By Charlotte Cobb, René Cassin intern
As we approach the Chagim or High Holy Days, the Jewish month of Elul comes to a close. From the Torah, Rabbis understand that Moses spent Elul repenting to G-d for the sin of the Golden Calf until he obtained G-d’s full forgiveness. In the lead up to Rosh Hashanah and Yom Kippur, the Day of Atonement, Elul provides Jewish people with an opportunity to look at our reflection in the mirror, analyse our behaviour over the last year, and consider whether we are pleased with who is staring back.
Elul often coincides with the Gregorian months of August and September, in which some of the most tragic events in recent history have occurred. World War One began in August 1914, while World War Two began in September 1939. Six years later, the atomic bombs fell on Hiroshima and Nagasaki on the 6th and 9th of August. Iraq invaded Kuwait in August 1990 and in September 2001 the tragic attack on the twin towers took place. This trend became so noticeable by the end of the 20th Century that in 1993, New York Times editor Bruce Handy asserted that “so many bad things happen in August because peoples’ guards are down”. Arguably, Handy’s theory was proven again this summer, when Parliament was recalled as Afghanistan fell to the Taliban. The crisis has already seen some refugee families resettled and relocated to central cities across the UK.
Throughout Elul, Jewish people are encouraged to say Slichot, a series of poems and prayers with the central theme of forgiveness from G-d. By understanding how one can ask G-d for forgiveness, there is a lesson given on how one may ask for forgiveness from our fellow man. However, as the old saying goes, actions speak louder than words. After all, it is only our actions that are reflected in a mirror.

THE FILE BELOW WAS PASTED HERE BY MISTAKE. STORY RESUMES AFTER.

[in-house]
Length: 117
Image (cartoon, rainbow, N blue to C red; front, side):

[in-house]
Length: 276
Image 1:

The Afghanistan crisis, whilst absolutely devastating for those who had to flee from their own homes, has provided us, as well as wider British society, with the opportunity to show actions of love and compassion towards those who need it the most this Elul. Amongst harrowing headlines, heart-warming stories and images emerged as communities collected necessary items for incoming Afghan men, women and children. Local residents collected enough donated items for 30,000 refugees at Bushey Synagogue, where volunteers came from miles away to deliver buggies, clothing and books to teach English.
There is no doubt that the upcoming Chagim are related to the human rights issues faced by individuals across the world today. Before Rosh Hashanah, Jewish people consider what we can do to make the upcoming year better than the last, and where we can improve ourselves and our values. The political calendar consistently seems to provide us with tangible opportunities not only to improve ourselves, but improve the lives of others, especially those who are most in need, who may not enjoy the same human rights that we are all entitled to.
As well as Rosh Hashanah, Yom Kippur and Succot shed some light on some of the key human rights issues of today. Yom Kippur is a fast day, to be observed like angels, but just 25 hours without food is nothing compared to what those who live in poverty endure constantly. Similarly, a Sukkah in the UK is most often cold, damp and crowded, but this element of Sukkot serves as a reminder for us to acknowledge and appreciate the shelter and protection we normally have, because many across the world do not.
René Cassin exists as an organisation to encourage us, the Jewish community, to understand why we have a religious obligation to protect and promote human rights for everyone, everywhere. The upcoming Chagim are a fantastic illustration of how intertwined Judaism and the continued drive for protecting human rights really are.